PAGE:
Upon this ballot lies the question of who is seated into the House of Delegates in Virginia — Democrat Shelly A Simonds for sure or David E Yancey with a 50-50 chance.  And with it, who controls the Virginia State House.

The challenged ballot shows bubbles for both Ms. Simonds and Mr. Yancey filled in, with a slash through the Simonds vote. Mr. Yancey’s lawyers argued in court last week that the voter intended to cross out the Simonds vote. The state handbook reads, “If there are identical marks for two or more candidates, clarified by an additional mark or marks that appear to indicate support, the ballot shall be counted as a vote for the candidate with the additional, clarifying marks.”

As further evidence of intent, Mr. Yancey’s lawyers pointed out the voter selected all the named Republicans on the ballot.

But in a motion this week, Ms. Simonds’s lawyers noted the bubble for the Republican candidate for governor, Ed Gillespie, was both blacked in and also marked with an X. Could an extraneous mark be both a sign of opposition to Ms. Simonds and of support for Mr. Gillespie?

Looking at this ballot, the Republicans do have a case.  The voter probably was voting for Yancey over Simonds.  The Democrats case on the meaning of the mark becomes convoluted, and disqualifies the Democratic candidate’s.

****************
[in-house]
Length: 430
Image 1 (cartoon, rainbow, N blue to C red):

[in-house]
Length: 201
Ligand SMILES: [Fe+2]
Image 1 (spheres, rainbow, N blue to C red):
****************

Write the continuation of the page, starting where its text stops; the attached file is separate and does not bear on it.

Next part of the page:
Basically if the ballot came out with the Democrats as so marked, and the Republicans as so marked, the Democrats would be insisting the ballot counted, and the Republicans insisting it be thrown out.  It is as we see the integrity of the ballot, as too — say, the integrity of the Abortion issue — such a deeply held heart-felt issue that politicians flip on the dime when the politics demand it.  (Mitt Romney and Donald Trump and Zell Miller on one end, Al Gore and Dennis Kucinich on the other.)

Simonds cries foul.  I suppose the Republicans might have fabricated nine ballots between the first recount and the next one, with a chin-scratching tenth one.  But if so, why not fabricate eleven?

So we wait.  January 4.  Sure to be broadcast on CSPAN.  Excitement abounds as we watch

Under Virginia law, if a race is tied, the election board draws lots to determine the winner. There’s no set procedure for drawing lots, but the State Board of Elections has suggested it will place both names in a small canister, put the canisters in a glass bowl, shake it up, and pull one name out. That candidate will be declared the winner. (In the past, the board has also broken ties by asking a blindfolded person to draw a name from a large cup.)

Exciting stuff, eh?

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